The true emotion of the plot is captured in the final 8 tracks, as the tragic elements of the story unfold. The soundtrack takes a much darker tone as revelations unfold. ‘The Girl For The Debt” exhibits this well in the mournful melody of the track slipping downward into a frighteningly malevolent whine of violins. This then carries on as a lurking undertone beneath ‘Back In The Boat’ & ‘Smothered’ effectively and in a mysterious fashion, drawing the listener in through the fear it creates in its twisted beautiful harmonies. The final track ‘Baptism’ is much like ‘Welcome To Columbia’, combining both elements of modern and old to create an intense level of drama before an almost innocent tone concludes the game’s main music.

If you’ve never played Bioshock Infinite, then I heartily recommend it. Sadly, the soundtrack does not include the fantastic period covers of the modern day songs such as ‘God Only Knows’ in barbershop quartet form, this being a relatively big negative for me. If you grew as invested into the plot as I did then you’ll most definitely take note of the superb soundtrack. It challenges Garry Schyman’s previous efforts massively and sets a new standard for immersive video game soundtracks, as the genuine emotion aches in the strings, terror shrills over the drums’ thumps and wonder reverberates throughout all tracks. There could be no better soundtrack to accompany a game this superb and the unique environment the music embodies.

1. Introduction
2. Welcome To Columbia
3. Will The Circle Be Unbroken? (Choral Version)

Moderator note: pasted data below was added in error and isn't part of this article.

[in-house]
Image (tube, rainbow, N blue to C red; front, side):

4. Lighter Than Air
5. Lutece
6. The Battle For Columbia I
7. The Girl In The Tower
8. Elizabeth
9. The Songbird
10. Rory O’More/Saddle The Pony
11. The Battle For Columbia II
12. The Readiness Is All
13. Lions Walk With Lions
14. Will The Circle Be Unbroken?
15. Unintended Consequences
16. The Battle For Columbia III
17. Family Reunion
18. Solace
19. The Battle For Columbia IV
20. The Battle For Columbia V
21. Let Go
22. Doors
23. The Girl For The Debt
24. Back In The Boat
25. AD
26. Smothered
27. Baptism
28. Will The Circle Be Unbroken? (Full Version)


3 thoughts on “Garry Schyman – Bioshock Infinite Soundtrack

  1. “But it’s not all racism and bizarre early 1900s music”

    That gave me a chuckle. Nice write up. I love the Bioshock games, but haven’t gotten to play this one yet. The music always seems to fit the atmosphere of the game(s) perfectly.

    Something must have got messed up here in the last paragraph on this sentence: -‘God Only Knows’ in barbershop quartet form, this being a relative big negative for me.-

    The ‘negative for me’ part has a different size and text style than the rest.

  2. Aye, I just noticed that – Saved it now. Seems to be the ‘paste from word’ option that wordpress has.

Leave a Reply

Please log in using one of these methods to post your comment: Logo

You are commenting using your account. Log Out /  Change )

Google+ photo

You are commenting using your Google+ account. Log Out /  Change )

Twitter picture

You are commenting using your Twitter account. Log Out /  Change )

Facebook photo

You are commenting using your Facebook account. Log Out /  Change )


Connecting to %s